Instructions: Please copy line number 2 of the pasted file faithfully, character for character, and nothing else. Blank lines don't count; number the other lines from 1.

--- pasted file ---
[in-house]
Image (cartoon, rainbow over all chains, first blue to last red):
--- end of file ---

Image (cartoon, rainbow over all chains, first blue to last red):